Generally, I’m not a fan of the man-child character. The reason for this is that they’re both (1) annoying and (2) have little reason for existing in the first place. It’s usually passed off as just an immature person, but it’s also frequently done over-the-top for comedic effect. Will Ferrell plays these types of roles with great frequency. The only reason Elf works is because there’s a real (real?) reason for him to act this way.
As it turns out, Buddy the elf (Ferrell) isn’t an elf at all. At an orphanage, he climbed into Santa’s sack and was carried off to the North Pole. Instead of, you know, the omnipotent elf putting him back (it’s mentioned that he must have come from the orphanage, so returning him shouldn’t be that difficult), Buddy is adopted by “Papa Elf” (Bob Newhart). He spends his years making toys, although he’s not very good at it. Oh, and he’s also three times bigger than the other elves because, you know, he’s not actually an elf; he’s a human!
After being told this, Buddy decides that taking a trip to America, New York City to be specific, would be a good idea. So he does this. He’s going to reconnect with his father, Walter Hobbs (James Caan), because after thirty-odd years of not knowing him, that seems like the sensible thing to do. Hey, I’ve heard of longer reconnections. The problem is that Walter doesn’t even know that he has a son, let alone that he was raised in the North Pole by elves. Gee, I wonder how that could go wrong!
Buddy is out of touch with the real world. Having know only elves for the first thirty years of his life, it’s quite obvious why he wouldn’t understand human life. He’s completely fascinated with those swinging doors that you use to enter buildings, he thinks that you need to eat sugar with everything (putting syrup on spaghetti instead of tomato sauce, for example), and he basically acts like a child because, well, he was raised by elves! And elves are just so playful and have so much spirit because they don’t have to deal with the harshness of life, so it makes sense that their children would have the maturity of a 6-year-old as well.
Most of Elf follows Buddy’s antics around New York City, trying to get love from his father, adoration from Jovie (Zooey Deschanel), a girl who works at the local mall, as well as spreading Christmas Cheer to everyone he sees. He did think he was an elf for 30 years, after all. We can understand why he acts the way he does, and Will Ferrell is actually better her than in many of his other roles.
A normal person with an average maturity/intelligence wouldn’t work for this role, and instead of thinking Buddy’s stupid for not acting properly, we’ve been given a situation that makes us pity him. We can get behind the idea of an “elf” becoming lost in the slew of traffic in New York City because it appeals to our inner-child (or if you’re a child, it appeals directly to you and how small you are in the big, bad world that lies in front of you). Seeing him experience things we take for granted every day is humorous, while seeing him attempt to cheer up all the non-believers out there is heartwarming.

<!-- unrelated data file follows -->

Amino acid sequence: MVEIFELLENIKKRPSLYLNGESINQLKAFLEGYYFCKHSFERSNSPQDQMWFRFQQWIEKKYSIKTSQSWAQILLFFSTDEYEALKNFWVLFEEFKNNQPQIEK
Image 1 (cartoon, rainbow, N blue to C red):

Essentially, Elf is a funny family friendly film that has a heart and a brain; this is the type of film that you can watch with your kids and have quite an enjoyable experience yourself. I know I laughed quite frequently while it was playing, but it also managed to charm me. By the time the mid-way point hit, I was rooting for buddy to begin to build a relationship with his dad, win the disapproving girl’s affection, and just generally find his way in life now that this earth-shattering reveal has unfolded before him.
Where Elf stutters is when it tries to wrap itself up. It doesn’t seem to know exactly where it should finish, nor is aware how, so it decides that raising the stakes instead of keeping it simple and at a reasonable scale is the only way to go. I lost a little bit of interest at this point. Even though it attempts to go out with a bang, Elf trips before reaching the finish line, sliding under the banner instead of going through it. It still wins the race, but it doesn’t finish in style or in a way to allow the crowd to appreciate the effort as much as we would like to.
Will Ferrell might like the man-child role, but this is the film where it works really well. Because we have reason to sympathize with him — he really doesn’t know better and there’s a good reason for it — we care about him. And Ferrell milks this for all it’s worth, actually tugging at our heartstrings a little bit. Supporting cast members are also strong. I haven’t even mentioned the likes of Ed Asner as Santa Claus. Mary Steenburgen as Walter’s wife, Faizon Love as the store manager or Peter Dinklage as a children’s book writer.
For about 80% of Elf, I had a great time. The ending is what threw me off, and the only reason I might be hesitant to recommend it. It’s still a very funny and heartwarming film, and is one of the better examples of the man-child character actually working, although it fizzles out near its finale, holding it back from being a great film. But it’s well worth watching especially if you need another family friendly holiday film that anyone can enjoy and everyone will feel good about.